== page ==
In 2012 I interviewed Sam Querrey, a professional tennis player from Thousand Oaks, California. Sam had had more than his share of injuries, and was just about to make a comeback at a tournament in Los Angeles. But even with the best of preparation, his career did not quite reach the level that was equal to his earlier promise – until Saturday, July 2, 2016.
At Wimbledon, the sport of tennis’ most storied tournament, Sam endured rain delays and premature dismissal of his game by some commentators, and defeated the number one mens’ player in the world – Novak Djokovic. Watching the tournament, I could not say that Djokovic played badly (he won the third set 3-6), but I can say that Sam played with stronger determination, well-developed skill, and more follow-through than his opponent.
Many of us, especially those who have endured injuries or illnesses that have set us back miles, can feel frustrated and hopeless about the future. A full comeback might seem far away, and the work it takes to regain even half of who we once were might seem too daunting to accomplish.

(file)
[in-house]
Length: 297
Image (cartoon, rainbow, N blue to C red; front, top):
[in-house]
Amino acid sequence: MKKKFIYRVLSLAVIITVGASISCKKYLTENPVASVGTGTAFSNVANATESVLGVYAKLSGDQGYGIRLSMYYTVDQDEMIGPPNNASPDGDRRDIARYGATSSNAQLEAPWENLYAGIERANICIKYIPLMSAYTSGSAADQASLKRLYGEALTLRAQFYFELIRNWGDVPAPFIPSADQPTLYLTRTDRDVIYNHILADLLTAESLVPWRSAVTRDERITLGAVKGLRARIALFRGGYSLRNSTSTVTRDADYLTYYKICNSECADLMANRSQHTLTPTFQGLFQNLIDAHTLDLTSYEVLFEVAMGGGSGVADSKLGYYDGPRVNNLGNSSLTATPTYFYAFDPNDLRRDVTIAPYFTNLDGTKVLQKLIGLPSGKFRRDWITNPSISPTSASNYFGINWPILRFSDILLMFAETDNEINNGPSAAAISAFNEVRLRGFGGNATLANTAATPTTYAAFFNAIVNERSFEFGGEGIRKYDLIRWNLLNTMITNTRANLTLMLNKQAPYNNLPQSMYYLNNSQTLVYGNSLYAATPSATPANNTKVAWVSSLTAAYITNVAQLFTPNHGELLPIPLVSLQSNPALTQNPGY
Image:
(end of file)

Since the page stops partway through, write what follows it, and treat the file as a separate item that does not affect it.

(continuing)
But stories like the one of Sam Querrey’s comeback remind us that sometimes, it takes longer than we imagined to regain our form. Sometimes, we have to go a few extra miles to arrive at a goal.
Sometimes, comebacks take time.
But they can and do happen.
Even if you are not a fan of the sport of tennis, I’m sure you can appreciate the feat of defeating a number one player on any stage. And I hope that you’ll take the lesson to heart – the only time a comback is impossible is if we give up before we achieve it.